**Shortlisted for the 2017 André Simon Food and Drink Book Awards**
**Shortlisted for the 2018 Fortnum & Mason Food Book Award**
'The next Bill Bryson.’ New York Times
Food and travel writer Michael Booth and his family embark on an epic journey the length of Japan to explore its dazzling food culture. They find a country much altered since their previous visit ten years earlier (which resulted in the award-winning international bestseller Sushi and Beyond).
Over the last decade the country’s restaurants have won a record number of Michelin stars and its cuisine was awarded United Nations heritage status. The world’s top chefs now flock to learn more about the extraordinary dedication of Japan’s food artisans, while the country’s fast foods – ramen, sushi and yakitori – have conquered the world. As well as the plaudits, Japan is also facing enormous challenges. Ironically, as Booth discovers, the future of Japan’s culinary heritage is under threat.
Often venturing far off the beaten track, the author and his family discover intriguing future food trends and meet a fascinating cast of food heroes, from a couple lavishing love on rotten fish, to a chef who literally sacrificed a limb in pursuit of the ultimate bowl of ramen, and a farmer who has dedicated his life to growing the finest rice in the world… in the shadow of Fukushima.
His writing has been compared to Bill Bryson's... and, like Bryson, he gives a light touch to weighty topics, but the comedy does not diminish the informative heft of this foodie odyssey... Readers will enjoy generous helpings of insights into some of the world's finest sustenance.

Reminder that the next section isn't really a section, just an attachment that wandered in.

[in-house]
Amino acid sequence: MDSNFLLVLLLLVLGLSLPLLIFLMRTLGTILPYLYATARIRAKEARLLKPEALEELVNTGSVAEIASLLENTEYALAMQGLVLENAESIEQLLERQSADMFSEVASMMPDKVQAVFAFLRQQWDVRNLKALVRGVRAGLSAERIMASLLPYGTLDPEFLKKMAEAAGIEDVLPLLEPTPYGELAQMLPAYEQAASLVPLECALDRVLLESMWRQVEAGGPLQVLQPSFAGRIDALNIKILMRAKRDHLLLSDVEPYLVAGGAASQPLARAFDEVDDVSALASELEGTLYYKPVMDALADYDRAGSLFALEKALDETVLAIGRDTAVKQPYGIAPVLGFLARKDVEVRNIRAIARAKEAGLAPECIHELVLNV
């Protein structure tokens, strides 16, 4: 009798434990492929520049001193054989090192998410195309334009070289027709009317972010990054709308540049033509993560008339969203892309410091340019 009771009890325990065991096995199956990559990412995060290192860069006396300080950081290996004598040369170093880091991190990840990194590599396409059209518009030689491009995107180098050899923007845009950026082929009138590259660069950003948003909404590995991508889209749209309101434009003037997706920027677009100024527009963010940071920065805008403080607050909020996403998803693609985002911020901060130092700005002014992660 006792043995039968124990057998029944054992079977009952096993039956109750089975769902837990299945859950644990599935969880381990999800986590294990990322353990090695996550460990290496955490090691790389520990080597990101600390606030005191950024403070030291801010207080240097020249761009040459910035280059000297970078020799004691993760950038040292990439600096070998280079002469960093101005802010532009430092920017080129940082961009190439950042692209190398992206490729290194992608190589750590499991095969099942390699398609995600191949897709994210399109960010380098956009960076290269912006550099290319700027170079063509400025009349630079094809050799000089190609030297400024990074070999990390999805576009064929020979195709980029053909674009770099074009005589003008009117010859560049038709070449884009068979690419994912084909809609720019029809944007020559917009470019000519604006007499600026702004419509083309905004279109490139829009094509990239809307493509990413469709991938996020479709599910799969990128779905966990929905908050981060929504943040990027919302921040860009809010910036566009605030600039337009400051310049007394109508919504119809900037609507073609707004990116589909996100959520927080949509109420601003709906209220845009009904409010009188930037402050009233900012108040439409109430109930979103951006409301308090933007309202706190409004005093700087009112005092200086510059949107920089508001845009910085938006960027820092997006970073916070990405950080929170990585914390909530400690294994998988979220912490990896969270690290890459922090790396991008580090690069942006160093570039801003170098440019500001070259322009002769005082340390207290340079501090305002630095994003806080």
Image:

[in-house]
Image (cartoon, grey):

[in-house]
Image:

Booth is drawn to the offbeat, and The Meaning of Rice gives us a banquet of the unfamiliar... What Booth does best is a masterclass in Japanese cuisine from haute to caff counter... Beneath the light-hearted surface is a depth of research, respect and affection for Japanese culture and the quiet stoicism of its people.
The Meaning of Rice: And Other Tales from the Belly of Japan by Michael Booth is an energetic, witty travelogue that I enjoyed for its quirkiness and its lightly-worn learning. We live in an age of supermarket sushi, but this book is a million miles from that kind of mass-production. If you want to know more about the mysterious and increasingly ubiquitous yuzu, or about how soba noodles are made—answer: with quite astonishing precision—this is the book for you. For me, Booth is Bill Bryson wrapped in nori and, metaphorically at least, tottering around on a pair of wooden sandals.
The Meaning of Rice…will have you salivating for the Land of the Rising Sun.
It is not just a book of food though, it is a warm and funny tome which sees Michael and his family venture far off the beaten track to find a fascinating cast of food heroes, from a couple lavishing love on rotten fish to a chef who literally sacrificed a limb in pursuit of the ultimate bowl of ramen. It’s fun and full of food and Michael has been dubbed the new Bill Bryson – not bad then!